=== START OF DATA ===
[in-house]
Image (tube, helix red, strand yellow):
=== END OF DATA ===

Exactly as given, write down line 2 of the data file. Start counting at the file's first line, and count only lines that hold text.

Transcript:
Image (tube, helix red, strand yellow):